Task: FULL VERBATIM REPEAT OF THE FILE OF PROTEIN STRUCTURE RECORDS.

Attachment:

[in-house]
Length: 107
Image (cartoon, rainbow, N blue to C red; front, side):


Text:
[in-house]
Length: 107
Image (cartoon, rainbow, N blue to C red; front, side):